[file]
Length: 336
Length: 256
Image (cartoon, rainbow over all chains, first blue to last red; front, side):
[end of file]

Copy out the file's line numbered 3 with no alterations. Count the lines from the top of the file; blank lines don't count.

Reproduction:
Image (cartoon, rainbow over all chains, first blue to last red; front, side):